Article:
Failing to Integrate Transformative Work

A group of people see the need for improving a process, a workflow, a meeting. They come together in a workshop, discuss the problem, find possible countermeasures, rank them on effort and impact, and decide which ones to implement. Satisfied, they close the meeting, and go back to their daily work. Some time later it becomes obvious that no work on the countermeasures has been done at all. While the group was able to name the problem and create and rank ideas to counter the problem, it was unable to implement the changes. The ideas sit on their miro board, and nothing will ever happen with them.

Have you ever been in such a situation? Chances are that this group does not fully embrace the idea of continuous improvement.

Continuous improvement requires us to not only do "the work", but also working on how we're doing the work. Great organisations incorporate this transformative work into their everyday culture to make sure those improvements actually happen.

Often, you find that transformative work is considered some sort of "meta-work", something that is definitely important, but not really part of our roles and accountabilities. The final decision on action items becomes more of a commentary than a commitment, and ownership is lacking, both individually and on a group level.

How do you spot when people have not fully integrated transformative work into "the work"? Here are some telltale signs:

  • Transformative work is tracked in a different format or a different place. For example, transformative work is stored as action items in meeting notes while work is tracked on a Kanban board.
  • Transformative work is always deprioritised against other work.
  • Transformative work is concentrated in the hands of designated "change people" like team coaches, Scrum Masters or similar roles.
  • Transformative work is never mentioned in regular meetings like daily standups, plannings, staff meetings or retrospectives, even if the same group of people who decided on the change is in those meetings.
  • Transformative work is never planned into the organisations heartbeat timeboxes (e.g. Sprints, weekly plans).
  • If transformative work is assigned to people, they are not held accountable for it (this even applies to the "change people").
  • Transformative work is contained in high-level "initiatives" detached from daily work.
  • Transformative work is considered done and complete as soon as the decision to do things differently is made.

All of this leads to ineffective transformations. Instead of meaningful, durable change, you'll end up with lots of change theatre, and very little actual change (if any at all).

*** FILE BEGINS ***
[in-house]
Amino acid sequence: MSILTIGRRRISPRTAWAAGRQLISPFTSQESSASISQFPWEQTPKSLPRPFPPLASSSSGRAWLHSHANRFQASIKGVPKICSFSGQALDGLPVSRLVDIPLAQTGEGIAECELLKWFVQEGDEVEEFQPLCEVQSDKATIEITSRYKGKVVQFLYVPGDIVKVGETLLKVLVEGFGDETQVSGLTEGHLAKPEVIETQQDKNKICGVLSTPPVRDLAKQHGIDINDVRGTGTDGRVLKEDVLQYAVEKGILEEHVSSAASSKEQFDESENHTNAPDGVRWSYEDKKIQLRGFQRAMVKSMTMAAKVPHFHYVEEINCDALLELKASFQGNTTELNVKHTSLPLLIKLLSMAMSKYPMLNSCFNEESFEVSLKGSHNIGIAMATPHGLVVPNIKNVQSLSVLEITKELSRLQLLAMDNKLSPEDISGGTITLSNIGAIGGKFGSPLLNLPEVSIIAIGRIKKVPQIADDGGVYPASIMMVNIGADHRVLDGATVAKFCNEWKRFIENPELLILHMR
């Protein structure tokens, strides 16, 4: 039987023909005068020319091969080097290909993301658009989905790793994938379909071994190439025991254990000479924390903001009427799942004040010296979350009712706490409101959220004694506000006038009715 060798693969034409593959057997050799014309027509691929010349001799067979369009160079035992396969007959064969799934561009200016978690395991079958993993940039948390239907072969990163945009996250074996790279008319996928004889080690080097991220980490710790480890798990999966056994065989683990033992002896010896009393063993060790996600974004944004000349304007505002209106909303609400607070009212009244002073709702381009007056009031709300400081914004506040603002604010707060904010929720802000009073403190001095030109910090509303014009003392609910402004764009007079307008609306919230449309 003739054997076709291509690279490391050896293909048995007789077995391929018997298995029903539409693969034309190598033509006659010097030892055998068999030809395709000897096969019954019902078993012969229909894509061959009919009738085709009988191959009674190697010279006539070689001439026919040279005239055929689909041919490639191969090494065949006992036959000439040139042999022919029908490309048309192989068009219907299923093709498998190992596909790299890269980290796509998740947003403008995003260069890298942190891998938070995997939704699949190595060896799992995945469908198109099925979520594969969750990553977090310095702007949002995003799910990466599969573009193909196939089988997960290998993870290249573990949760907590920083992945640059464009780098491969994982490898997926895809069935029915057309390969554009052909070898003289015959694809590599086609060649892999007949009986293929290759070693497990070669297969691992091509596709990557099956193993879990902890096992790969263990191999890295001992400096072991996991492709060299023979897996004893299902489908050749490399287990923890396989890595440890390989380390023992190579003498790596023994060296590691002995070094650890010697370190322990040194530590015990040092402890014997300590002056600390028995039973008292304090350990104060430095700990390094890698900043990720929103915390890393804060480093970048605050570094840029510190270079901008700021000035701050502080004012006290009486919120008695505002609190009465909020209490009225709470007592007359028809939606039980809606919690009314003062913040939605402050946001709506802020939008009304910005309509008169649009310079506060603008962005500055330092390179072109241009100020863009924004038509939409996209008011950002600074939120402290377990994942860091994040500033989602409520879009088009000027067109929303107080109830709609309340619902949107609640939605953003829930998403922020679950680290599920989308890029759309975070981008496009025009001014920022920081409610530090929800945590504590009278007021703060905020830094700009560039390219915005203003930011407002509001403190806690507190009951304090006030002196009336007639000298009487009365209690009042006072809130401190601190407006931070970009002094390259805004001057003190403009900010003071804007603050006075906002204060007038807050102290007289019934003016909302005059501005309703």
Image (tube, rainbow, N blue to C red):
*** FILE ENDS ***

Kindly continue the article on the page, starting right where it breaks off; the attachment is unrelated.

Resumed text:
To counter this behaviour, treat transformative work how it should be treated: As part of the work itself.

To do so, try one or more of these tactics:

  • Track transformative work in the same place as the work itself.
    • Simply treating transformative work and work equally can sometimes remove the artificial boundary between them.
    • If that is not possible, at least use the same type of tracking (for example, if you use Jira but cannot track transformative work there, use a different Kanban system like Trello)
  • Make it a habit to hold people accountable for transformative work in regular meetings. This can be as simple as closing a meeting by asking about the progress on transformative tasks.
    • This can develop into a dangerous anti-pattern of "the cat herder", where one person is holding the team accountable. This is not how it should be. Everyone in the team needs to hold each other accountable.
    • If you are in the position of a transformation agent, consider holding the team accountable for not holding their teammates accountable instead.
  • Include transformative work in planning sessions
    • As long as transformative work is not planned for, it will likely not happen.
  • Re-define the role of transformation agents
    • A common misunderstanding of the accountability of change agents is that they are responsible to perform the change. Instead, they are accountable for the change to happen, which is a crucial difference. Change agents like coaches or Scrum Masters guide and facilitate change, but they do not do it.
    • It is the accountability of the these agents to support the process, but not to be the process.
  • Design changes to address habits and rituals.
    • If changes address long-standing dysfunctions, simply agreeing on a change is not sufficient.
    • Habit and ritual are powerful, and the decision to introduce a change to our way of working marks a starting point, not an end.

Transformative work cannot be delegated, and it cannot be second-class work. It is equally important as the work itself. It is part of the work itself. By treating it as such, you give it the attention it deserves and requires.

Published 2024~04~09